Brisbane Heat vs Perth Scorchers
Brisbane Heat 191-6 (Cutting 46, Lynn 39, Burns 36, McCullum 32, Willey 40-2) def Perth Scorchers 142 (Agar 31, Willey 25, Doggett 35-5, Steketee 28-3) by 49 runs at the Gabba
All through this season, the Perth Scorchers have dug themselves out of holes, and have won from all kinds of positions. They haven’t looked perfect, but they have always done just enough to come through with the win. This time, however, things were different. The Brisbane Heat got off to a flying start, and the Scorchers’ usually dependable bowling attack had no answer as they were belted to all areas of the Gabba and never got themselves back in the game. The Heat were just too good, as the Scorchers winning run was ended in the most emphatic way possible.
The Heat seized the early initiative, with Chris Lynn and Brendon McCullum finding their destructive best. Lynn’s innings alternated between streaky and destructive, with edges through the slips and fine leg combining with some breathtaking displays of raw power. Jhye Richardson and Andrew Tye were flayed through the covers, and David Willey was slapped contemptuously back over his head. When McCullum began to join in the act, the Heat’s tally had reached 0/57 off 5 overs and the Scorchers looked as if they would be blown away. Then they recovered. Willey started it by removing Lynn, who had always looked like the danger man. He was cramped for room and could only hit the ball straight up as Michael Klinger took a tumbling catch. Balls later, McCullum was nearly dismissed too, as second-gamer Tim David dropped a relatively straightforward catch on the boundary. It could have been costly, but it wasn’t.
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Powerful: Ben Cutting hits the ball onto the leg-side during his brutal 46.
Ashton Agar and Joel Paris brought about the Heat’s middle overs struggles. Neither McCullum nor Sam Heazlett could get the ball to the fence, and soon both were gone. Heazlett was the first to succumb, picking out David on the edge of the ridiculously short boundary on one side of the ground, and McCullum chipped one to cover the next over. When Alex Ross, so often the reassuring presence for the Heat this season, was bowled by a ripping Richardson yorker, the Scorchers appeared to have turned things around completely. Then the short boundary came into play. Joe Burns did what few others have and launched the dangerous Tye over the rope three times in an over, and plundered the tournament’s leading wicket-taker for 23 off six balls. Then Ben Cutting got in on the act.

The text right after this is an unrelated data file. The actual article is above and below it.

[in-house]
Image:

Cutting had arrived at the crease with the Heat in a bit of trouble following the dismissal of Alex Ross, and looked to have ended his stay at the crease before it had begun when he top edged a sweep shot off Agar. Tye looked slightly lackadaisical as he ran in to take the catch and slid forwards in an attempt to take it, and it went to ground. It was a costly miss, but Cutting still hadn’t got going as Burns launched his assault at the other end. Then Paris came on, with the short boundary on the leg-side. Two full tosses were dispatched, along with a half-volley, and Cutting never looked back. When Richardson served up a full toss on his hip, it was helped on its way, and in the last over Willey was belted to the long boundary as Cutting flew to 46 off just 19 balls. He was out the next ball, but his big-hitting had carried the Heat to a total of 6/191 which looked too big for the Scorchers.
The Scorchers never had the firepower to finish off the chase. Michael Klinger hit some nice shots, but had no support from the out-of-sorts Willey and was dismissed as he slashed hard at Mark Steketee but lost his shape. Hilton Cartwright was gone for a golden duck, edging a length ball to a diving Burns at slip. Ashton Turner negotiated the hat-trick ball and Willey closed out the over with an ugly slash for three, but the Scorchers already looked out of the contest. They were an unconvincing 2/38 when the PowerPlay closed, as the Heat tightened the screws.